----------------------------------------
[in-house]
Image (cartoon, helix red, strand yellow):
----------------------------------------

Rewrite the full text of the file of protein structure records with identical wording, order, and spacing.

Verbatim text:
[in-house]
Image (cartoon, helix red, strand yellow):